914-997-9070 info@fbklawyers.com

Can we use one attorney?

No. New York law prohibits one attorney from representing both parties in a divorce case. If your spouse says that his or her attorney can represent both you, you’re being set up. It’s a trap. Your spouse’s lawyer is your spouse’s lawyer. His job is to help and take care of your spouse – not you. Call our office immediately. Even if you don’t hire a lawyer, you really shouldn’t work with your spouse’s lawyer as if he were your own.

How much will my case cost?

It depends. At the start of your case, your lawyer has no idea of how much your case will cost. Simple uncontested cases can usually be resolved for a reasonable price. Other cases cost more. If your case involves a lot of negotiating or fighting, it will cost more.

How can I keep my costs down?

Be a good client. Gather records and documents and get them to us promptly and in an organized way. Make a list of things to talk about before your call – that will help to keep communications organized and productive. One call resolving five issues is better than five, one-issue calls. Don’t bring your lawyer into emotional contests with your spouse. Rely on your therapist, family, and friends when you need to unload emotional matters. You can trust your attorney to listen to your concerns, but you’re paying by the hour.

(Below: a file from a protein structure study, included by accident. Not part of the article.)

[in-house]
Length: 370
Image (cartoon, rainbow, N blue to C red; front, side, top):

How long is this going to take?

Unfortunately, the timeframe for a divorce is very difficult to determine―and you should be cautious of any attorney who claims to know the answer. Lawyers you speak with will only hear your side of the story, which may be 100% correct, but that doesn’t tell any lawyer what the other side is going to claim or do. Generally, the length of a divorce depends on your particular situation as well as factors beyond your control, such as:

  • The degree to which you and your spouse agree on issues
  • The cooperation between you and your spouse
  • The court schedule in a particular county
  • In circumstances where both spouses agree on every issue, a divorce can usually be completed in a few weeks (this is called an “uncontested divorce”).

However, if the parties cannot agree on custody, property division or other matters, a divorce can take at least a year or more. If there are issues involving concealed or hidden assets, a divorce can take as long as several years to complete.